Film review: The Adam Project

Ryan Reynolds and Zoe Saldana step back in time in Netflix’s latest sci-fi/action movie.

Set in 2022, The Adam Project seems to be on trend with the general downward spiral of humanity. 30 years in the future, time travel is being misused by a scientist to secure their domination and control. Adam (Ryan Reynolds) must travel into the past to stop it from ever happening, something I am sure many of the actors must have wished possible throughout the filming. However in doing so, he bumps into and is forced to rely upon the help of his 12 year old self, played by newcomer Walker Scobell.

Reynolds as usual brings his trademark wit, which does help to carry what is a very thin concept. Zoe Saldana, plays future Adam’s super soldier girlfriend, Laura, but again is given very little opportunity to go deeper as a character. Scobell shows he has potential as young Adam, his chemistry with Reynolds is something that helps the film enormously. He is not given a huge amount to do, but this being his first film, he does his job admirably and delivers his comedy one-liners with aplomb.

Jennifer Garner provides a warm, but forgettable turn as Adam’s mother, dealing with the grief of losing her husband and still having to raise a soon to be teenager. Mark Ruffalo joins the cast as Louis Reed, as both the father of Adam and time travel, who’s death weighs heavily on the family and the future. Given his calibre as an actor, the build-up to meeting him is thankfully worth the wait and he provides some emotional grounding for both versions of his son. As it is a PG certificate film,  the family vibes do help paper over the lack of depth but does not excuse it altogether.

However, Reed’s arch-rival and aforementioned future scientist, Maya Sorian (Catherine Keener) does fall a little flat. It seems odd that someone so all powerful is a doing her own dirty work throughout the film. She also has very little backstory or internal struggle, aspects which the film alludes to, but fails to act upon. She also interacts with her younger self, created by it seems, a rather creepy CGI face swap onto a younger actor… creating an ‘uncanny’ distraction.


The presence of grief and how it is dealt with is felt throughout the film. While maybe at odds with the film’s lighter tone, it never ventures too far into serious territory. This again is one of the aspects that really highlights the one dimensional nature of the movie. Director Shaun Levy, who helmed 2021’s Free Guy (also starring Reynolds) seems to find it difficult to strike a balance between the human and more fantastical moments. Something he’s not had a problem with on previous films such as Night at the Museum, but maybe wasn’t given enough free rein here to completely pull it off.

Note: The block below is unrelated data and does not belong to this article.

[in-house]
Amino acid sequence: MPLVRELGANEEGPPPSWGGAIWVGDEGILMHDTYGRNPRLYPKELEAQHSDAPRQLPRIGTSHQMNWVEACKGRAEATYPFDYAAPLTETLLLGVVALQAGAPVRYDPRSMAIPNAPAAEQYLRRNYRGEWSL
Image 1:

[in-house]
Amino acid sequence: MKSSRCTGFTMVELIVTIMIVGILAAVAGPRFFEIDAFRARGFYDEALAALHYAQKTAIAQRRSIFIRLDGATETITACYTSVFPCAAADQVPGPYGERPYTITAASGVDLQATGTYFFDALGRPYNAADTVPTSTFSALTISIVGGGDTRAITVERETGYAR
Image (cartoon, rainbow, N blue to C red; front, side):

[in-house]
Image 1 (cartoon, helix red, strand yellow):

Visually the CGI (apart from creepy Keener face) and locations look acceptable, due to I think some clever budget ‘massaging’. The extended use of only a few areas makes the scale of the film comes across as very small. Never seeing the future (apart from a short prologue) or any aspect of older Adam’s life beyond his young self, does stilt the concept a little. The future weapons are interesting in design and spectacle, but not in the case of costumes, with older Adam’s flight suit looking more like a baggy boiler suit.

Conventional weapons are also used in one of the fight sequences, which does seem like a missed opportunity to pull you further onto the sci-fi setting. The tenuous space jet ‘key fob’ that only works under really convoluted situations (the user having healthy DNA) is another weird experience that has way too much bearing on the plot.

Overall, The Adam Project has no real perspective to offer. It spreads the few concepts it does come up with thinly over its run time and relies on cast alone to attract and retain its audience. However, this feels like Netflix has just paid for content as filler and could’ve been a much better film based on the concept.






Author: Joe, Bath store